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Essential Concepts

IDS Unit 3: Essential Concepts

Lesson 1: Anecdotes vs. Data

Data beat anecdotes. In science, we need to closely examine the quality of evidence in order to make sound conclusions. Anecdotes can contain personal bias, might be carefully selected to represent a particular point of view, and, in general, may be completely different from the general trend.

Lesson 2: What is an Experiment?

Science is often concerned with the question "What causes things to happen?". To answer this, controlled experiments are required. Controlled experiments have several key features: (1) there is a treatment variable and a response variable, and we wish to see if the treatment causes a change that we can measure with the response variable; (2) There is a comparison/control group; (3) Subjects are assigned randomly to treatment or control (randomized assignment); (4) Subjects are not aware of which group they are in (a 'blind'). This may require the use of a placebo for those in the control group; and (5) those who measure the response variable do not know which group the subjects were in (if both 4 and 5 are satisfied, this is a 'double blind' experiment).

Lesson 3: Let’s Try an Experiment!

Randomized assignment is required to determine cause-and-effect.

Lesson 4: Predictions, Predictions

Designing an experiment requires making many decisions, including what to measure and how to measure it.

Lesson 5: Time Perception Experiment

Designing and carrying out an experiment helps us answer specific statistical questions of interest.

Lesson 6: Observational Studies

Observational studies are those for which there is no intervention applied by researchers.

Lesson 7: Observational Studies vs. Experiments

Experiments are not always possible because of various factors such as ethics, cost limitations, and feasibility.

Lesson 8: Monsters that Hide in Observational Studies

Confounding factors/variables make it difficult to determine a cause-and-effect relationship between two variables.

Lesson 9: Survey Says…

Surveys ask simple, straightforward questions in order to collect data that can be used to answer statistical investigative questions. Writing such questions can be hard (but fun)!

Lesson 10: We’re So Random

Another popular data collection method involves collecting data from a random sample of people or objects. Percentages based on random samples tend to "center" on the population parameter value.

Lesson 11: The Gettysburg Address

Statistics vary from sample to sample. If the typical value across many samples is equal to the population parameter, the statistic is "unbiased". Bias means that we tend to “miss the mark.” If we don't do random sampling, we can get biased estimates.

Lesson 12: Bias in Survey Sampling

Bias concerning survey sampling includes identifying sampling methods that may lead to biased samples, recognizing potential over- or under-representation in samples, and acquiring skills to choose more reliable sampling techniques.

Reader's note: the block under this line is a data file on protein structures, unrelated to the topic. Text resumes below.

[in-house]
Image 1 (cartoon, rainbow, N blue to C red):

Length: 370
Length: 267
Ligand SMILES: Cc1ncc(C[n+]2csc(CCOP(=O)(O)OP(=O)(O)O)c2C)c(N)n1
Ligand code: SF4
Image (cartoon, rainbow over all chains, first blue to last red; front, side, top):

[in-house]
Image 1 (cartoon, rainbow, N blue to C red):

Lesson 13: The Confidence Game

There is uncertainty when we estimate population parameters. Because of this, it is better to give a range of plausible values, rather than a single value.

Lesson 14: How Confident Are You?

The margin of error expresses our uncertainty in an estimate. The estimate, plus or minus the margin of error, gives us an interval in which we are very confident the true value lies.

Lesson 15 Ready, Sense, Go!

Sensors are another data collection method. Unlike what we have seen so far, sensors do not involve humans (much). They collect data according to an algorithm.

Lesson 16: Does it have a Trigger?

A key feature that distinguishes the way sensors collect data from more traditional approaches is that sensors collect data when a 'trigger' event occurs. In Participatory Sensing, this event is something we humans agree upon beforehand. Every time that trigger happens, we collect data.

Lesson 17: Creating Our Own Participatory Sensing Campaign

Creating a Participatory Sensing Campaign requires that survey questions must be completed whenever they are “triggered”. Research questions provide an overall direction in a Participatory Sensing Campaign.

Lesson 18: Evaluating Our Own Participatory Sensing Campaign

Statistical investigative questions guide a Participatory Sensing Campaign so that we can learn about a community or ourselves. These campaigns should be evaluated before implementing to make sure they are reasonable and ethically sound.

Lesson 19: Implementing Our Own Participatory Sensing Campaign

Practicing data collection prior to implementation allows optimization of a Participatory Sensing Campaign.

Lesson 20: Online Data-ing

Stretching the conception of data involves seeing that many web pages present information that can be turned into data.

Lesson 21: Learning to Love XML

XML is a programming language that we use with our campaigns. We create basic XML "tags" in the code, which help us store data in a format we understand.

Lesson 22: Changing Orientation

Converting XML to spreadsheet format helps us better understand and view our data.